Is this enthusiasm justified, and how much unconventional gas might Europe produce? We do not really know yet. Production levels and commercial viability will be determined after activity picks up. Even in the United States, estimates about what can ultimately be produced from unconventional resources change with time. Beyond the actual resource itself, however, there are several success factors in the United States that for Europe to experience something similar, most, if not all, of these ingredients must be in place to produce meaningful results in a meaningful time frame.

No Automatic “Slam-Dunk” for Shale Gas

First, intensity matters. Producing unconventional gas is an intensive process. The United States has been able to deploy huge physical resources in regions familiar and comfortable with petroleum development. While initial finds were made by smaller independent companies, the majors have only recently begun to show serious interest. Smaller independents (still sizeable companies) led the way because they could act more nimbly and did not need huge proven payouts to justify an investment. Hundreds of rigs drill tens of thousands of wells each year. By contrast, the activity in Europe revolves around a relatively small number of rigs drilling a relatively small number of wells. This is not enough. There is an order of magnitude difference in scale – and that scale will be needed to main technical gains and to bring down costs. What is more, given the history of oil and gas production in the United States, there is a deep pool of experienced field personnel and geoscientists to work on gas; the same can hardly be said for Europe. Second, competition matters. The American gas revolution would not have been launched without innovation, and innovation would have been impossible without the experimentation and adaptation conducted by hundreds of companies. For those states in Europe who think they can outsource their gas fortunes to a few big names, they are missing the point of what happened in North America and why. And although Europe will benefit from the gains in North America, success will come from adaptation to Europe’s unique circumstances, not from mere replication. Third, above-ground risk and regulation matter. As the gas industry has moved into the Eastern United States, it has been challenged on the possible environmental effects from the technologies used to produce unconventional gas. States are reviewing the impact on water supplies, while drilling close to population centers drawing a reaction from people unaccustomed to waking up next to rigs in the near vicinity. State regulators have stopped a handful of projects in the US because of environmental concerns. Europe’s regulatory authorities will need to monitor activity in a way that reassures the public, and to make an effort to mitigate or avoid a not-in-my-backyard (NIMBY) backlash. Fourth, markets matter. The American gas market is large and liquid, allowing companies to sell gas easily and to use the futures market to support their heavy drilling programs that require constant re-investment. Europe mostly lacks such markets, with most countries dominated by a couple of large buyers. Negotiating commercial agreements to sell the gas was a non-issue in America; it can be a big obstacle in Europe.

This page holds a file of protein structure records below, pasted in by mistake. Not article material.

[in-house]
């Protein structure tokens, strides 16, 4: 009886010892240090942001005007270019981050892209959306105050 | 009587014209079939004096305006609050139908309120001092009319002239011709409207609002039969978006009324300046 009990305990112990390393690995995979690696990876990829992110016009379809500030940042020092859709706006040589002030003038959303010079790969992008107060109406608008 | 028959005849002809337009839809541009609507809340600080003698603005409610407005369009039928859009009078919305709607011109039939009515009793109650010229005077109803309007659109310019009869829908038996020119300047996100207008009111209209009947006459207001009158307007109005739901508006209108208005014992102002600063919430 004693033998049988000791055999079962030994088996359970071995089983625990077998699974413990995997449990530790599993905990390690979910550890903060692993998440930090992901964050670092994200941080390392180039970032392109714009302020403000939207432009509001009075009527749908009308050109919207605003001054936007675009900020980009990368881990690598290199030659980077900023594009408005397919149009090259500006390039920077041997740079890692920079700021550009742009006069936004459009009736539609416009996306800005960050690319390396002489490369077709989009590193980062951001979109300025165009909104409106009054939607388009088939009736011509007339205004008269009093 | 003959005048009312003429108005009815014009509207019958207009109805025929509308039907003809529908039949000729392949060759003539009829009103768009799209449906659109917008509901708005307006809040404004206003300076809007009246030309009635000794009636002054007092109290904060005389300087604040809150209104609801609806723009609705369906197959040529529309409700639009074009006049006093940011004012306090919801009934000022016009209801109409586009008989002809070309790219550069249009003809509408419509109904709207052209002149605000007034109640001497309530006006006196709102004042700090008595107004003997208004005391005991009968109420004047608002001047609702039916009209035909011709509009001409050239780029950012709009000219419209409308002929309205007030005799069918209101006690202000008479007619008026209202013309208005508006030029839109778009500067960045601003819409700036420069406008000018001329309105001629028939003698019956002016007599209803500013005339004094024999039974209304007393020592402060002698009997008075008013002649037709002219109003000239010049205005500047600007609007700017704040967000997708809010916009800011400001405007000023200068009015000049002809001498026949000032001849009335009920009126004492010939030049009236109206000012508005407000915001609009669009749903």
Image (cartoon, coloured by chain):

Gas Heaven Will Take Hard Work

Before Europe gets carried away, therefore, it needs to pay attention not just to the big picture, but also to the realities that are transforming the United States. As many resource-rich countries have discovered, having a resource is no guarantee that you can make it work for you. Unconventional gas development is a long and uphill path as evidenced by results in the U.S – and it is one that Europe has only just started on.